One thing that colors my view is that I'm part of the millenial generation.  I'm entering the workforce in a time when unemployment is higher than ever.  What do unemployment rates say about our society?  It's possible that it means we're just allocating resources poorly.  But the other interpretation is that we have a surplus of labor.  We're too efficient at producing the goods that we need.  This is a bad thing only because employment is the primary way we distribute money.  If individuals can't find jobs then they're in financial trouble.  The easy solution is to distribute money by other means.

I think the unemployment levels are really just the tip of the iceberg.  When people are desperate for jobs, they'll accept worse jobs.  I'm coming from a cynical grad student perspective, and one of the things I despise is the workaholic culture in academia.  People expect you to work longer than normal hours.  And in order to advance to professorship, most people have to spend years in postdocs for low pay.  You just have to put up with it, because there are too many other people who want your job.

There are also governmental jobs which provide no real value to society.  They're just there because governmental employees can vote, and therefore vote to maintain their own jobs.  I would rather just give those people money instead of having them waste their time to get it.

Why a guaranteed basic income?  Why not welfare instead?  There are two reasons, one economic, and the other social.

Earlier, I learned a bit about how welfare works in the US.  People are awarded a certain amount of money, with a certain percentage of their income deducted.  And in order to remain eligible for welfare, people need to eventually find a job.  But if we have a surplus of labor, why require people to find a job?  And deducting a percentage of people's income amounts to an effective tax on the poorest people.  By giving everyone the same amount of money regardless of income, we remove that effective tax (not to mention cut down on bureaucratic costs).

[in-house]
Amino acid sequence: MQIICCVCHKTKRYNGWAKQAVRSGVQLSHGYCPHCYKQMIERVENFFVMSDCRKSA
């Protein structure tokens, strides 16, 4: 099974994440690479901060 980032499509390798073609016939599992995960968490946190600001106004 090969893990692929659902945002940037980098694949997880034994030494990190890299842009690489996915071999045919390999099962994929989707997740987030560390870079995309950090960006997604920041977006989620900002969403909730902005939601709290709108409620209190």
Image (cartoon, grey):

Welfare also has a social problem, since they're perceived as handouts rather than money that is rightly owned by its beneficiaries.  Taking welfare amounts to admitting that you are unable to provide for yourself.  But this isn't really a matter of individual failure, it's a matter of correcting an economic problem that comes from labor surplus.  Thus, nobody should feel bad about receiving money.  If wealthy people receive the same amount of money, it would be harder to stigmatize.

Anyway, I have the impression that this puts me way to the left of US democrats.  Although to be fair, libertarians often support a similar policy under the heading "negative income tax".

Saturday, November 8, 2014

"Diluting" the meaning

Content note: brief nonexplicit discussion of sexual assault

Recently, someone in the comments accused me of using "sexist" too loosely:
I also take umbrage with the casual and loose way in which people throw around the words sexist, racist, islamaphobia, etc. It gets to the point where EVERYONE can be determined to fit into the insanely loose definition of what constitutes one of those caricatures.
But this is just one example of an attitude I've heard from many people.  Whenever anything is called sexist, homophobic, etc., we're said to be "diluting" the meaning of those words.  We're taking attention away from the more serious problems of outright sexism and homophobia.  I've heard the same said about sexual assault.  When we use "sexual assault" to refer to situations where the victim is drinking, we're diluting the meaning of sexual assault.

I have a zany proposal: Yes, I am diluting the meaning, and I am correct to do so.

Seriously, I would love it if sexual assault were punished more often, but more lightly.  I don't like that people who are convicted of sexual assault basically have their lives ruined because sex offender registries exile them out of many urban areas.  I don't like that I would feel bad about reporting sexual assault, because it's unlikely I would believed, and even if I were believed, it could hurt the accused far more than I want to.